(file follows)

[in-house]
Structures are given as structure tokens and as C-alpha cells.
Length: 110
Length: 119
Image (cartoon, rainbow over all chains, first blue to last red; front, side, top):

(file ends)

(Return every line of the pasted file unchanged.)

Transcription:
[in-house]
Structures are given as structure tokens and as C-alpha cells.
Length: 110
Length: 119
Image (cartoon, rainbow over all chains, first blue to last red; front, side, top):